I admire Wendell Berry’s poetry. Christianity Today (15 Nov. 2006) has a good article about Berry, his life and ideas, written by Ragan Sutterfield. Some extract
Wendell Berry defies easy description. His book jackets call him everything from social critic to farmer to conservationist, and he is all of these, though they do not contain him.
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For the last four-plus decades, Berry, 72, has been asserting in various ways that we Americans live without much care for the world and our place in it. [Australian city dwellers are similar, but we are perhaps better acquainted with the rural context of our life and economy.] Berry points out that most of us consume and adopt new technologies without considering the hidden costs. Berry asks, how many of us think about environmental degradation when we start up our computers, which depend on electricity from coal gouged out of the mountains of Appalachia?
Berry does not mean that no one should use a computer or technology. Indeed, at the 125-acre farm he calls home at Lane’s Landing, near Kentucky’s tiny Port Royal (population 116), Berry drives a truck, uses a chainsaw, and has a CD player-though there is no computer. He writes in a tree-house stand on his hillside farm.
"For some," Berry writes, "their involvement in pollution, soil depletion, strip-mining, deforestation, industrial and commercial waste is simply a ‘practical’ compromise, a necessary ‘reality,’ the price of modern comfort and convenience. For others, this list of involvements is an agenda for thought and work that will produce remedies."
What Berry advocates is a sort of Sermon-on-the-Mount conservationism. If we are going to care for the world, if we are to walk away from our modern hubris and destruction, then we must "wash the inside of the cup" and "take the log out of our eye." What makes Berry different from so many other conservationists is his argument that we must live with a consistency that finds its roots not in our institutions, but within ourselves.
Berry is a careful reader of the Bible . . . attractive to Christians because he offers a vision of care for creation that is tied up with the sacredness of life. "What Christians offer is an understanding that the world is not ours, that we are not the ones that give things value."
But as Berry’s friend, philosophy professor Norman Wirzba, says, he "sees the church as deeply and willingly implicated in an economy that has been unremitting and unrepentant in its destruction." As Berry told me, "The church and all of our institutions have failed to oppose the destruction of the world."
Berry’s primary targets are not institutions, but individuals, including himself. He once wrote, "My work has been motivated by a desire to make myself responsibly at home in this world and in my native and chosen place."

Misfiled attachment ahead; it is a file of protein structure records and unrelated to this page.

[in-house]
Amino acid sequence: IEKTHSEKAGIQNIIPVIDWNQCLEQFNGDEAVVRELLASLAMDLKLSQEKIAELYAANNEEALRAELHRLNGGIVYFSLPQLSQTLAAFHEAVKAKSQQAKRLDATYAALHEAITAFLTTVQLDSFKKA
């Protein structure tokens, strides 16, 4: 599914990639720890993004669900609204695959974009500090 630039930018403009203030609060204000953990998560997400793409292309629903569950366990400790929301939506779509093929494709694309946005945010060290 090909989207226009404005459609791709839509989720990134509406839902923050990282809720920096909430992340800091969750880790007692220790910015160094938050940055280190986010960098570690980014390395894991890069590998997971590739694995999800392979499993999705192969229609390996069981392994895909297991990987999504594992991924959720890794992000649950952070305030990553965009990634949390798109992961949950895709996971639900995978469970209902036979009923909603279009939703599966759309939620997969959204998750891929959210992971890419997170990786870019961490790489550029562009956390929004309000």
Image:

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As Berry reminds us, there is nothing inherently wrong with proxies. The problem comes when we do not recognize our proxies and thus abdicate our responsibility for them. A common example for Berry is food production. If we are not able to grow, hunt, or gather our own food, then someone else must do it for us by proxy. In most urban places and increasingly in rural ones as well, food eaters have become "mere consumers-passive, uncritical, and dependent."
They have forgotten that "eating is an agricultural act" and that food is tied to the land, ecology, and work of a particular place. Whether that work is good or bad, healthy or destructive, it is beyond the vision of most industrial food eaters. They simply buy what is given to them.
"Eaters . . . must understand that eating takes place inescapably in the world, that it is inescapably an agricultural act, and that how we eat determines, to a considerable extent, how the world is used." Berry suggests how to take responsibility for our food proxie "participate in food production to the extent that you can" "prepare your own food" "learn the origins of the food you buy, and buy the food that is produced closest to your home" "whenever possible, deal directly with a local farmer" "learn, in self-defense, as much as you can of the economy and technology of industrial food production" and "learn what is involved in the best farming and gardening."
Berry takes responsibility for his proxies. He has electricity, but the lights remain off because, though it is dim on this overcast day, we can see fine. Berry heats his house using a wood-burning stove with dead wood he has collected from his own forest (a task that becomes more difficult as he moves into his 70s). Behind his house is his garden, where Berry and his wife of nearly 50 years, Tanya, grow much of their own food. Berry’s farm is very much a "home economy." It is here that care or destruction begins.
The difficulty, for Berry, is that fewer and fewer of us have a household with the constancy of place and community required for creating a good home economy. We are a transient, moving people who do not stay in places long enough to know local problems. [. . . ] Both of Berry’s parents have at least five generations of farming roots in Henry County near the Kentucky River.
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Berry presents the goodness, neighborliness, and struggles of a small community like this one in his fiction. . . . Berry’s fiction is best read with his essays. With his poetry, they provide a door to an understanding that makes most dedicated readers of his work want to change their lives.